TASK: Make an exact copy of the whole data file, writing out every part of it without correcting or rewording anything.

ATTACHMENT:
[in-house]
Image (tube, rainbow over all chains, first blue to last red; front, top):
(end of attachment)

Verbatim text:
[in-house]
Image (tube, rainbow over all chains, first blue to last red; front, top):